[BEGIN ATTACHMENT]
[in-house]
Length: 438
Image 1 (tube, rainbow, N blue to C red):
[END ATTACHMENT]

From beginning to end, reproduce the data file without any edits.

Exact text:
[in-house]
Length: 438
Image 1 (tube, rainbow, N blue to C red):